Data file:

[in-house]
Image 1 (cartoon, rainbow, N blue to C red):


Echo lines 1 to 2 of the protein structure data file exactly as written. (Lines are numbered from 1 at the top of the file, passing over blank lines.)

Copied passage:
[in-house]
Image 1 (cartoon, rainbow, N blue to C red):